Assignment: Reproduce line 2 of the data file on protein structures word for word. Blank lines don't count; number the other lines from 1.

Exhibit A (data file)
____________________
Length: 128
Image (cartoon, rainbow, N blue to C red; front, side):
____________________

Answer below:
Image (cartoon, rainbow, N blue to C red; front, side):